While she's thankful for food stamps helping her when she needed it most, she worries about what the future holds for them and many others in her situation.
"It's going to make a lot of kids malnourished. The food we have to buy is crap, and it's not good for growing kids," she said. "There is going to be a lot of sickly children."
But a cut to benefits is not the program's only problem, she said. Another hurdle is the perception others have of the program.
"The stigmas are what really get to me," Goehring said.
"You're lazy, and you don't want to work. ... If you can't feed them, don't breed them. ... Welcome to the real world."
These are just some of the perceptions Goehring has heard.
"Welcome to the real world?" Goehring questions. "I'm in the real world. Want to come join me? Come and see what you can come up with on a little, bitty budget."
What happens now?
Food donations tower up to near the top of the ceiling of the Food Bank of the Golden Crescent.
The sight is a welcome one for Robin Cadle, the bank's director, and for Carol Ayala, the bank's outreach coordinator.
Still, they know the need is far more, and with more cuts on the way, that need will only grow.
"We're never getting enough (food)," Cadle said. "We could give out everything we get."
So far this year, the food bank has given out 3 million pounds of food.
If the cuts occur in January to the extent that's being discussed, Cadle worries that even millions of pounds of food won't be enough.
But it won't only be the families struggling, she said.
Cadle estimates that in a five-year period, grocery stores in the food bank's 11-county service area could see a $5 million loss because of the food stamp reduction.
"We have a story that's not being told here," she said.
Cadle wants to continue to encourage the communities to do their part and donate.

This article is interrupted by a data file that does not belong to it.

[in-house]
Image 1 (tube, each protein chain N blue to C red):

"Every dollar helps us generate eight meals," Cadle said. "It goes a long way."
Cooper agrees, adding that the cuts should be expected and planned for.
If the January vote is anywhere close to the $40 billion mark, as many as 6 million people could be kicked off the food stamp program; however, it is too soon to tell what the final ruling will be, she said.
A $40 billion cut would also mean more strict eligibility criteria, with many families seeing their current benefits reduced by about half.
"That's what this fight is about," Cooper said. "We think that with the House version (of the farm bill) it would totally undermine the whole point of the program teaching people to learn to stand on their feet."
Cooper wants to see those on the program voice their concerns while there is still a chance.
"This is not where we think money is being wasted," she said. "Feeding the elderly and the children is not wasting taxpayer's money."
As outreach coordinator, Ayala sees many different faces on the food stamp program.
It's not one race, age group or circumstance, she said.
There are the elderly who have worked their entire lives at minimum wage and were never able to save enough to retire or live life in old age. Then there are those, like Goehring, who encounter a rough patch.
While there is no denial that some abuse the system, Ayala said, the need outweighs the abuse.
And the need is alive in the Crossroads, she said.
"It's a hand up, not a handout," she said. "You never know when it will be your turn."